1-1 of 1 results  for:

  • Latin American/Caribbean Art x
  • 1300–1400 x
  • Ceramics and Pottery x
  • Archaeology x
Clear all

Article

George Bankes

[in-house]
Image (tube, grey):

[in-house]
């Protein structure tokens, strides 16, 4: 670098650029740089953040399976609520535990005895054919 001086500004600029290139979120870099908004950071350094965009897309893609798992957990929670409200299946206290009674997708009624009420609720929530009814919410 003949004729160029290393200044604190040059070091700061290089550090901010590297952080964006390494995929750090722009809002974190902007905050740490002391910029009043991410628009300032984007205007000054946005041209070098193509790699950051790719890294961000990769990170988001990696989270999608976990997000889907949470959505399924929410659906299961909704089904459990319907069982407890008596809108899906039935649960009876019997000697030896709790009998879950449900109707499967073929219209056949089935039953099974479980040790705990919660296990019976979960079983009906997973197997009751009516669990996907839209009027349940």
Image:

Pre-Columbian culture of South America that extended throughout several valleys on the south coast of Peru and flourished between c. ad 1000 and 1476. The Ica–Chincha pottery style was first recognized by the German archaeologist Max Uhle, and regional variations have since been defined by archaeologists from the University of California at Berkeley, especially by Dorothy Menzel. The Ica Valley appears to have been the main cultural centre, while the Chincha Valley seems to have had greater political significance. Commerce was important; pottery was clearly held in high esteem, since it has been found at sites on the central coast and inland in the Río Pampas area near Ayacucho, and it seems, moreover, to have formed the principal indicator of cultural cohesion and diversity between the valleys. The main feature of the decorated wares is a polychrome style, usually with a red base overpainted with white and black designs. Motifs are frequently geometric, with many designs taken from textiles, including diamonds, stepped lines and zigzag lines. There are also many depictions of birds and fish that are difficult to see in the maze of angular designs. A characteristic vessel shape is a jar with a rounded base, globular body, narrow neck and flaring rim. Dishes with a flanged rim are also common. As on ...